"Technicolor Skull performs their first West Coast appearance at the Museum of Contemporary Art (MOCA) in Los Angeles on November 19, 2011, as part of the opening reception for Kenneth Anger: ICONS. This exhibition will showcase the films, books, and artwork of one of the most original and enigmatic filmmakers of post–war American cinema. This coincides with the release of Technicolor Skull's self–titled recorded debut, a one–sided, bloodred 180 gram 12' vinyl LP limited to 666 copies.
Technicolor Skull is an experiment in light and sound, exploring the psychic impact of a magick ritual in the context of an improvised performance. With Brian Butler on guitar and electronic instruments, and Kenneth Anger on theremin, their collaboration is a performance contained inside a ritual of unknown origin, tapping into occult stories that extend musical language into initiation. Hidden messages escape through gesture and light, manifesting as a one–time–only event."
(Richard Metzger, 18/11/2011)
London 22–25 September 2011: "Alpha–ville festival explores the intersection between art, technology and society and for this edition we are collaborating with various venues and spaces in London such us The Victoria & Albert Museum, Whitechapel Gallery, Rich Mix Cultural Foundation, Space Studios, Vortex Jazz Club, Netil House, XOYO and Hearn Street Warehouse to bring along an extensive 4–day event featuring social media art, kinect art, interactive installations, open labs, workshops, performances, screenings, live music & A/V shows, a one–day symposium and more!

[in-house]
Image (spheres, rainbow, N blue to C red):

The 2011 edition provides an online and live platform to explore, test and disseminate new ideas, emerging trends, collaborations and groundbreaking works. Running from 22–25 September and taking place alongside the London Design Festival, the 2011 edition enables a network of satellite events spreading across different London boroughs and links with other European cities such as Madrid (Twin Gallery) and Brussels & The Hague (Todays Art).
The festival programme also connects east and west London thorough a link with the V&A Digital Design Weekend."
"The first item to come out of the social media trends box is that this will be the first British royal wedding to be streamed live on the web, and this list goes on. As it will also be the first to have a mobile application; and the first with a soundtrack to be released on iTunes within hours of the ceremony. The Palace has been open to Universal Music Group, and its Decca record label, which plans to release the soundtrack of the wedding ceremony, on iTunes and later as a CD. In return Universal has promised a donation to charity.
A British Royal wedding is normally associated with pomp, tradition and a stiff upper lip, but now through technology it is interactive, cross–platform,multimedia, multichannel, hyperlinked,24/7, user–generated, search–engine–optimised, downloadable extravaganza! Yes, the Royals are embracing social media trends galore. There is an official website, Facebook page and of course Twitter feeds all for the big 'W'."
(Sangeeta Haindl, 6 April 2011, Justmeans)
"The Tagtool is a performative visual instrument used on stage and on the street. It serves as a VJ tool, a creative video game, or an intuitive way of creating animation.
The system is operated collaboratively by an artist drawing the pictures and an animator adding movement to the artwork with a gamepad. The design achieves virtually unlimited artistic complexity with a simple set of controls, which can be mastered even by children.
The project is coordinated by OMA International. Our approach is that all knowledge acquired within the Tagtool project should be shared. We are inspired by the open source movement and believe that it is also relevant for the digital arts."
(OMA International, Austria)
Fig.1 Hagleitner, Krenn, Kermer, Rieger, 2008. 'Tagtool' (short video documentary).
"GameCity is a lot of things, but most of all it's an ongoing project to find out what a videogame festival could be. Unlike a lot of videogame events, it's not really a place to come and play them – we'd rather do that at home on the sofa. But if you do love videogames, you're going to find lots here to enjoy."